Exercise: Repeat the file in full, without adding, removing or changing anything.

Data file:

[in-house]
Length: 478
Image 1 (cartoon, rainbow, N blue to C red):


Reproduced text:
[in-house]
Length: 478
Image 1 (cartoon, rainbow, N blue to C red):